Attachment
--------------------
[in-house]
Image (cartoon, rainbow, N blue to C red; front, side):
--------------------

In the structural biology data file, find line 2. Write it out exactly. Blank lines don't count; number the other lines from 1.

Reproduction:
Image (cartoon, rainbow, N blue to C red; front, side):